The literature contains two papers estimating the RR in Icelandic sheries, neither of which
addresses the issue of RR distribution. In their paper, Flaaten, Heen, and Matthíasson (2017) es-
timated that annual RR in Icelandic sheries between 2009 and 2013 amounted to between 331
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and 468 million USD per year, which was around 1319% of the export value of Icelandic sheries.
Another study, covering the period from 1989 to 2016, revealed thatno RR was present until 2008,
but that since then, annual rent averaged between 250 and 500 million USD per year, which was
around 1019% of the export value of the shing industry (Gunnlaugsson and Agnarsson 2019).
In this article, the development of RR in Icelandssheries is charted from 1997 to 2017. More
importantly, we show how RR has been distributed among the three major stakeholders since
1997: the government, quota sellers, and enterprises operating in the industry. Icelandssheries
are ideal when examining an ITQ-administered shing industry, and this study is based on ex-
tensive data covering the entire industry for a long period. Therefore, the development of RR and
its distribution in Icelandic sheries presented in this research, is of substantial signicance to all
interested in sheries management, policy, and economics.
ICELANDIC FISHERIES
HISTORY
Fishing around Iceland used to be open access with the participation of foreign nations until the
1950s. The Exclusive Economic Zone (EEZ) was extended in three steps between 1952 and 1976.
Finally, in May 1976 Icelanders won full jurisdiction over the 200-mile EEZ, thus fully controlling
their shing grounds (Hannesson 2004). Icelandic pelagic catches increased rapidly with the her-
ring (Clupea harengus)sheries in the 1950s and 1960s, reaching a peak of 690 thousand metric
tons in 1966. However, only two years later, the herring stocks collapsed. Part of this eet then
turned to capelin (Mallotus villosus) and demersal sheries (Nielsen et al. 2018b). The years be-
tween 1995 and 2005 were record years in terms of pelagic catches. Figure 1 charts this develop-
ment. Since then, the pelagic catch has been almost halved in the wake of reduced capelin quotas.
Figure 1. Catch of the Icelandic Fleet and Foreign Nations in Icelandic Waters since 1945 and the EEZ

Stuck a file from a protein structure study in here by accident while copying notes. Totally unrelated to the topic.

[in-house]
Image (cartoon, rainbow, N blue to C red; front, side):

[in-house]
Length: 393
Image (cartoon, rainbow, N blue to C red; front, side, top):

Extension
Note: The area under the dotted line represents Icelandic trawlers part of the demersal catch; that is, side-
winder trawlers, until the introduction of stern trawlers in the 1970s. The EEZ Extension is represented by gray
dots on the x-axis.
Source: Statistics Iceland (2019) and ICES (2019).
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Pelagic companies have adjusted to these changes; thus, almost half of the vessels and shmeal
factories have been scrapped since 2005 (Saevaldsson and Gunnlaugsson 2015).
Demersal catches around Iceland increased after WWII with a renovated eet of smaller boats
and newly built sidewinder trawlers. Between 1950 and 1970, annual average demersal catches in
Icelandic waters amounted to 770 thousand metric tons, of which foreign harvests were almost
half. The rst Icelandic stern trawlers began operating in 1970, when they replaced a former eet
of sidewinder trawlers. In 1975, there were 58 stern trawlers shing in the EEZ, but by 1985, this
number reached 100. Their shing effort with expanding vessel and engine sizes increasedsharply,
and, within a few years, their proportion of the total demersal catch surpassed 50% (Nielsen et al.
2018b). Since 1990, the demersal catch has been almost halved in terms of quantity, remaining at
around 450 thousand metric tons for the past 20 years. The eets excess capacity and overcapi-
talization issues were gradually solved with the consolidation of quotas and scrapping of vessels
and factories, affecting a number of occupations in the industry (Gunnlaugsson and Saevaldsson
2016).
FISHERIES MANAGEMENT
The collapse of the Atlantic herring shery in 1968 sounded an alarm to the nation (Arnason
2005). Consequently, the management of pelagic species was initiated in 1969 with a total allow-
able catch (TAC) of Icelandic herring. In 1975, the government announced individual quotas